How to study after midterm exams: Reassess your study habits

Study buddyMidterm exams are over. Thank goodness for that. Now, what can we take away from the experience? Did you do okay? Do you need to study more? This is a great time to take your academic temperature, assess how to study for tests and learn some study tips so we can do better for finals.

Study better next time

Maybe midterms didn’t go the way you planned. You realize you need to review test taking tips and attack the problem from a different angle. Here are few tips:

  • Talk to the professor. Discuss the important points of the class material and how you can concentrate on those. If possible, bring your midterm and go over the questions you got wrong.
  • Study with a buddy. Get tutored by a peer who understands the material. Ask each other sample test questions.
  • Take a deep breath. It’s not the end of the world. Get a pizza, play a video game, unwind. This is a chance to learn from our mistakes and aim to improve our grade on the next test.

Study scientifically

Benedict Carey in the New York Times reported in “Forget What You Know About Good Study Habits,” September 6, 2010, that some counter-intuitive methods of studying actually work.

  • Alternate your study location. Being in different environments helps improve retention of class material.
  • Vary the material you’re studying. Do a little reading, then some vocabulary, then some math or problem solving. The different ways of thinking stimulate the brain. Nate Kornell, a psychologist at WilliamsCollege, explained that this strategy undermines the common assumption that intensive immersion is the best way to really master a particular genre, or type of creative work.
  • Study in chunks. Don’t cram all at once. Space out your studying over a period of time to let your brain absorb the information slowly.

Take harder classes next term

Hey, maybe you aced your midterm exams. You’re really getting the hang of college, good study habits and taking tests. Why not challenge yourself to be the best you can be? See if there are one or two harder classes you can take next term. An organic chemistry class, a physics or math class, or just a more advanced version of an elective. Attempting a difficult class helps us learn to tackle challenging tasks and develop coping skills and strategies.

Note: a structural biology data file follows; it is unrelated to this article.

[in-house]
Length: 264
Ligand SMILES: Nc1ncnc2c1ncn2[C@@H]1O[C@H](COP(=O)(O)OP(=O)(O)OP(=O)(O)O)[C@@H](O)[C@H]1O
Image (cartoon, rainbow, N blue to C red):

The age-old question arises: Should we take easy classes we know we can get better grades on, or take more challenging classes and possibly get lower grades? Which is better? “Taking too many easy classes can be construed that you can’t handle difficult subject matter,” said a blogger in the article “Are Harder College Classes Better For You Than Easier Ones?” on “[Then] there are times where you can garner more respect because you did take a challenging class that few others would take. It depends on how you present the academic record to potential interviewers.”

Improve your GPA

The general rule is two hours of study for every one hour spent in class. But to improve a grade point average (GPA), a whole lotta studying needs to happen. Professor Carl Zulaf of OhioStateUniversity found that a 40-hour increase in weekly studying was needed to achieve a one-letter increase in quarterly GPA. “A lifestyle change has to happen before an impact is made on a student’s grades,” said Zulaf in “Studying Still the Key to Academic Success,” in USA Today, April 2001 found on “The ability to use time is positively related to academic performance. But it takes a lot of commitment by a student to significantly increase the number of hours he studies.”

How did you do on your midterms? Do you think you’ll sign up for a harder class next term?

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